George Zimmerman, charged with second-degree murder in the Trayvon Martin shooting, received a $150,000 bond after his family claimed meager means. What the court wasn't told was that Zimmerman had $204,000 in a PayPal account.
Red Huber/Orlando Sentinel/AP
Mark O’Mara, the attorney representing George Zimmerman, told the judge in the Trayvon Martin shooting case Friday that his client had much more money on hand than he had revealed to the court at his bond hearing on April 20.
Mr. Zimmerman, a neighborhood watch volunteer, stands accused of second-degree murder for the shooting of Trayvon on Feb. 26, which led to a national uproar after local police originally declined to file charges.
At the bond hearing, Zimmerman’s parents said they had few means to raise the $15,000 necessary to pay a bail bondsman to post a bond to free Zimmerman, who left prison on April 22 with a GPS anklet. But at the time, Zimmerman had at least $150,000 that he had gleaned from a website called The RealGeorgeZimmerman.com.
Given that revelation, prosecutor Bernie de la Rionda asked US District Judge Kenneth Lester to reexamine the bond arrangement. Judge Lester asked Mr. O’Mara to compile a list of donors and when they made their payments.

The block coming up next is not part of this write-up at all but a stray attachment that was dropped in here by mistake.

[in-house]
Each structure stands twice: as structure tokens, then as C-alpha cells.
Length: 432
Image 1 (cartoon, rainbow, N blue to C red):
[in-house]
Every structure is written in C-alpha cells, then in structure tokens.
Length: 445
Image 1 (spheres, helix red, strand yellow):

“I may have authority or I may not,” Lester said. Lester could potentially adjust the bond or revoke it altogether, meaning Zimmerman would have to go back to jail to await trial.
The revelation came as Florida prepares for its most high-profile trial since the Casey Anthony trial last year, in which a mother accused of murdering her young daughter was found not guilty in Orlando, about 30 miles from Sanford, Fla., where Zimmerman shot Trayvon Martin, an unarmed black teenager, on Feb. 26.
While civil rights activists rallied with Trayvon’s family to have Zimmerman arrested, others donated to Zimmerman’s defense, which may cost as much as $1 million.